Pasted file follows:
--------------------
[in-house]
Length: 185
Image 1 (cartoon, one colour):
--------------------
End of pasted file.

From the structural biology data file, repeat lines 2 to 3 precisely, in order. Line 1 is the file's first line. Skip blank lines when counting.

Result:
Length: 185
Image 1 (cartoon, one colour):